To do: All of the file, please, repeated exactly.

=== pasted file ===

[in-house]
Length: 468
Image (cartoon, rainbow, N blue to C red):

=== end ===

[in-house]
Length: 468
Image (cartoon, rainbow, N blue to C red):